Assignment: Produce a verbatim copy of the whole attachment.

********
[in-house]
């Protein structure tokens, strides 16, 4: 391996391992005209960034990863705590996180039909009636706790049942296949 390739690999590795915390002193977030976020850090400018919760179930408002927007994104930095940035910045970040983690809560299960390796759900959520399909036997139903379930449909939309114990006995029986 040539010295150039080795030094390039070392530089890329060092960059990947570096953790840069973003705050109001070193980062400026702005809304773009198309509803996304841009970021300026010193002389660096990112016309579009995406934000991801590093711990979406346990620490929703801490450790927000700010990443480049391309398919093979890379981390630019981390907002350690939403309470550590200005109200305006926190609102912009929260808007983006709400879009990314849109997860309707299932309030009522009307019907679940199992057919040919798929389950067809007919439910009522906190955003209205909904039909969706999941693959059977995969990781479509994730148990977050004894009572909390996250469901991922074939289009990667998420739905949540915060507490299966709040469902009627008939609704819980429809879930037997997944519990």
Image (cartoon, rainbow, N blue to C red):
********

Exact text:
[in-house]
């Protein structure tokens, strides 16, 4: 391996391992005209960034990863705590996180039909009636706790049942296949 390739690999590795915390002193977030976020850090400018919760179930408002927007994104930095940035910045970040983690809560299960390796759900959520399909036997139903379930449909939309114990006995029986 040539010295150039080795030094390039070392530089890329060092960059990947570096953790840069973003705050109001070193980062400026702005809304773009198309509803996304841009970021300026010193002389660096990112016309579009995406934000991801590093711990979406346990620490929703801490450790927000700010990443480049391309398919093979890379981390630019981390907002350690939403309470550590200005109200305006926190609102912009929260808007983006709400879009990314849109997860309707299932309030009522009307019907679940199992057919040919798929389950067809007919439910009522906190955003209205909904039909969706999941693959059977995969990781479509994730148990977050004894009572909390996250469901991922074939289009990667998420739905949540915060507490299966709040469902009627008939609704819980429809879930037997997944519990």
Image (cartoon, rainbow, N blue to C red):